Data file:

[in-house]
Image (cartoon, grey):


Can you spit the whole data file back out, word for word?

[in-house]
Image (cartoon, grey):